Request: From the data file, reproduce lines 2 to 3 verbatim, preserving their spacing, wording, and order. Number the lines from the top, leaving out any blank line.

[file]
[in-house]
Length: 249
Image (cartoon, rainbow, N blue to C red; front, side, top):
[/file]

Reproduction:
Length: 249
Image (cartoon, rainbow, N blue to C red; front, side, top):